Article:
“If the trucks can physically fit, there’s nothing that stops them from going anywhere that they want,” Yannes said, adding that height and weight restrictions as well as “no truck’ regulations on local roads are what prevent them from taking other routes.
Members of the public were not permitted to comment yet on the application, which was up for “further review” by the commission. Zoning Commission Chair Louis Schulman said that the application was not yet ready for a public hearing with some of the outstanding questions yet to be resolved.
However, more than two dozen residents of the East Norwalk, including members of the East Norwalk Neighborhood Association, submitted comments to the Zoning Commission.
“I would like to know how anyone could think this is a good idea,” resident Loretta Esposito wrote. “The streets of East Norwalk are designed for cars and are way over burden already and now you want to add tractor trailers to the mix. If I didn’t know this was actually being considered I would think it’s an April Fool’s joke.”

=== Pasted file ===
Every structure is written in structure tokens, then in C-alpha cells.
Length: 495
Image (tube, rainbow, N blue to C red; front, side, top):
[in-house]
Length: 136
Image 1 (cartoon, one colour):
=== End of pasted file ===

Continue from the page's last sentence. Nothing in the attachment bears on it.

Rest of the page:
“That property’s location is simply not ideal for this type of business in the surrounding neighborhoods,” resident Joe Licek wrote. “We will be greatly impacted and it leaves no room for any new, desirable city growth. It will be a huge burden on our city’s people and resources and it will bring on much aggravation into our community. We’re already at maximum capacity with extreme traffic conditions now.”
“Unless such a project proposes its OWN I-95 on and off ramps DIRECTLY ON THE PROPERTY (which I believe is not possible), this is a HORRIBLE idea for our city and neighborhoods, with no apparent positive outcomes,” resident Marilyn Marino wrote. “My neighbors and I are forming a group to oppose having these huge trucks on our local neighborhood roads.”